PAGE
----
MR. WATTENBERG: Right, okay.

For another perspective, Alan, why don't you go ahead. Thank you, we're right on time.

MR. ROBOCK: Thank you for inviting me here. I am a scientist. I'm a professor at the University of Maryland. I have a statement out there. I don't get any money from any interest group. I don't have -- I don't represent anybody except for myself. I'm part of the international scientific community. I participated in the IPCC report. So I'd just like to give you my perspective on what the science is and what we should do.

The IPCC conclusion for 1995 was that the balance of evidence suggests that there is a discernible human influence on global climate. So this is the balance of evidence, not unambiguous proof. And the report also points out that our ability to quantify the human influence is currently limited because there's so much natural variability still in the climate system. We're trying to find a small signal among normal, natural inter-annual climate changes, and because also, we're -- the models are not perfect. We're uncertain about exactly how the climate system works. And these uncertainties include the magnitude and patterns of long-term variability.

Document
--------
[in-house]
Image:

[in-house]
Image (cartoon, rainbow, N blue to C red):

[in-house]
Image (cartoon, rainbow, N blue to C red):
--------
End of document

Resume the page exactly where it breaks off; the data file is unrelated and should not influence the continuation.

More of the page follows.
So, what is this balance of evidence? What is the evidence? Why do we think that we've seen a human impact on climate? First of all, it's gotten warmer. Pat spent a lot of time showing the last 20 years, but that's much too short a time scale to really look at for this problem. We have to look at a much longer time scale, because there are natural fluctuations in the climate system that can take place on inter-decadal time scales. There can be changes of ocean circulation. There can be energy which can go in and out of the oceans. And, in the North Atlantic Ocean, for example, scientists have identified 40 and 50 year oscillations in the ocean circulation that can also impose climate changes of about the same magnitude that we see. So, El Ninos can come and go, and some year can have more intense ones, which also have a large impact on climate.